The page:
Aug 18, 2016
ASCO has selected two physicians for its new Health Policy Fellowship, which began accepting applications in October 2015.
Robert M. Daly, MD, MBA, and Steve Y. Lee, MD, were selected as fellows for the first year of the program, which runs from July 1, 2016, to July 1, 2017. The program, aimed at oncologists in the early phases of their careers, is designed for physicians who possess a keen interest in health policy and who want to develop their civic, policy, or advocacy experience and skills in order to shape cancer policy.
“Dr. Daly and Dr. Lee exemplify the policy-focused early-career oncologists ASCO sought for this new program,” said ASCO Chief Medical Officer Richard L. Schilsky, MD, FACP, FASCO. “We are eager to witness their development into effective advocates who can strategically advance public policies that support cancer research and the delivery of high-quality care at the federal, state, and local levels.”
The ASCO fellowship program has several components, including:
- Active participation in policy development for high-impact issues in oncology;
- Small-group teaching sessions delivered by ASCO professionals and qualified volunteers on topics such as the Congressional authorization/ appropriation process, U.S. Food and Drug Administration organization and regulatory authority, drug and device approval processes, and payment reform initiatives;
- Training in communication and leadership skills, as well as advocacy strategies; and
- A mentored research project that advances or leverages an ASCO policy initiative.
Dr. Robert M. Daly
Dr. Daly is currently the chief fellow in the Section of Hematology/Oncology at the University of Chicago Medicine, where he also serves on the Fellowship Program Evaluation Committee and in the Cancer Outcomes and Policy Workgroup. His clinical interest is in thoracic and breast medical oncology.
While working as a consultant for Partners HealthCare International in Mumbai, India, assisting The Humsafar Trust—one of India’s largest nongovernmental organizations dedicated to providing health care, including HIV/ AIDS services, to the lesbian, gay, bisexual, and transgender community— Dr. Daly first became exposed to and interested in health policy and advocacy work. He worked with the trust to expand its reach and secure funding to achieve its ambitious health and advocacy goals.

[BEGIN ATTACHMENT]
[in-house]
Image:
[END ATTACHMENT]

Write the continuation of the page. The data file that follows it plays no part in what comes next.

Dr. Daly continued to develop this passion for health policy and advocacy work during his fellowship under the mentorship of Olufunmilayo I. Olopade, MBBS, FACP, FASCO, of the University of Chicago, investigating the racial survival disparity in breast cancer. They explored how tumor biology and genomics, along with delays, misuse, and underuse of treatment for black patients, collide to create this disparity and how health policy can be used to close this gap. In collaboration with Susan G. Komen and the American Cancer Society, Dr. Daly and Dr. Olopade have now published several columns from their original paper for dissemination to a larger audience of breast cancer health care providers, patients, and advocates, with the goal of educating a broad audience about how to test and implement effective strategies to reduce cancer disparities.
Dr. Daly has researched health policy issues related to quality in cancer care delivery. He received a Merit Award at the 2016 ASCO Quality Care Symposium and presented an oral abstract of his work on investigating whether terminal oncology intensive care unit hospitalizations can be avoided.
Dr. Steve Y. Lee
Dr. Lee is a fellow in hematology and medical oncology at NYU Langone Medical Center. He is serving as a delegate (resident/fellow) to the American Medical Association (AMA) House of Delegates for the 2016-2017 term and a Resident/Fellow Chair to the New York County Medical Society. Additionally, he is a member of the AMA Resident and Fellow Section Standing Committee on Long-Range Planning, and he recently completed his term as a Resident/ Fellow Vice-Chair to the Medical Society of the State of New York.
Dr. Lee’s experience with health policy began in medical school through membership in the AMA. As the elected governing council delegate of the AMA’s Medical Student Section in 2010—and the de facto national policy Chair for AMA students—he had the opportunity to mobilize thousands of medical students into lobbying their federal legislators locally and in Washington, DC, in support of the Patient Protection and Affordable Care Act. In 2011, he received formal training in political advocacy, participating in the AMA Political Action Committee Campaign School, and he used those skills to work as a Boston-area volunteer for a political campaign. As a current fellow at NYU, he is looking forward to applying the insights he will gain from the yearlong Health Policy Fellowship to help his peers to better advocate for the regulatory elements that affect patient care.
The application period for the 2017-2018 program will open in October 2016. Visit ASCO.org for more details.